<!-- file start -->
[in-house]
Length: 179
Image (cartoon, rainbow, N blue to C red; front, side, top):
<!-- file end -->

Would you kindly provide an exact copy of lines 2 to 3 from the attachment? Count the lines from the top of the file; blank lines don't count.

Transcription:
Length: 179
Image (cartoon, rainbow, N blue to C red; front, side, top):